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Footsbarn: from a Tribal ‘Macbeth’ to an Intercultural ‘Dream’

  • Geraldine Cousin

Abstract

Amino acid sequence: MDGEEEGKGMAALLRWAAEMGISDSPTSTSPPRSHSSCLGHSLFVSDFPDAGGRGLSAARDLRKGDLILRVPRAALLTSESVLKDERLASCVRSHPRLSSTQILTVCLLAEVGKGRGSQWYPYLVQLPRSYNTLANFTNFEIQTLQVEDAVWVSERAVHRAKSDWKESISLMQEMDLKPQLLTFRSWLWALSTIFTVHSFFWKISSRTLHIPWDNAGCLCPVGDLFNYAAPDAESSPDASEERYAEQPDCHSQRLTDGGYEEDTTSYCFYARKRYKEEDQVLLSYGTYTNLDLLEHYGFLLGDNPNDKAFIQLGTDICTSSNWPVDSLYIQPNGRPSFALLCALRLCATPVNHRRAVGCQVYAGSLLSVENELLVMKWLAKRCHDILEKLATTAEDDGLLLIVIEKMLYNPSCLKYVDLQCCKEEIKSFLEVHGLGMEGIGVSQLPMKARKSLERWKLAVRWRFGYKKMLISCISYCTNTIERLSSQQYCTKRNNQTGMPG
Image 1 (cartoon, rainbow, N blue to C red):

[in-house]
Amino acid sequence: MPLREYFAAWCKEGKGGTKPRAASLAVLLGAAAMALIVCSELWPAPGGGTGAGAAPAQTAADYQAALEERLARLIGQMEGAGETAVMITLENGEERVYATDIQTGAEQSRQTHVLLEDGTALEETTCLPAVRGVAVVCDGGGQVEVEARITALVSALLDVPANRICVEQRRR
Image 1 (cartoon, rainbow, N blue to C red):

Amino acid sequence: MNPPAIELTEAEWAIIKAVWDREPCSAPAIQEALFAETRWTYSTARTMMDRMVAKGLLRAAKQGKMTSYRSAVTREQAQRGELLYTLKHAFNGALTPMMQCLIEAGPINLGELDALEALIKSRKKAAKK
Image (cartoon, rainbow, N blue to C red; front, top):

In the first issue of NTQ, in February 1985, we included a feature on the Footsbarn company, tracing their work from its origins in a Cornish commune in the early ‘seventies to their development of a highly distinctive performing style, strong in physicality, visual imagery, and knockabout humour. By then, this was establishing the group's international reputation – and winning them audiences as much through word-of-mouth in out-of-the-way rural communities as on the festival circuit, where they achieved a more conventional critical acclaim. The compiler of that feature, Geraldine Cousin, here provides an update, complementing a company interview conducted in July 1991 with a personal response to the most recent of Footsbarn's regular encounters with Shakespeare, A Midsummer Night's Dream. Geraldine Cousin, who teaches in the Joint School of Theatre Studies at the University of Warwick, is the author of Churchill the Playwright for Methuen, and has also published articles on Shakespeare in performance, Stanislavsky, and Brecht.

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